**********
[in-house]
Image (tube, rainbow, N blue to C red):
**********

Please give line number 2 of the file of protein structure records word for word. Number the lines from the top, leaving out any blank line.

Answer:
Image (tube, rainbow, N blue to C red):